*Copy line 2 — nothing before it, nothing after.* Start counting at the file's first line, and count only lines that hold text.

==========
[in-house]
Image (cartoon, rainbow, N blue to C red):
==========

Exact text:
Image (cartoon, rainbow, N blue to C red):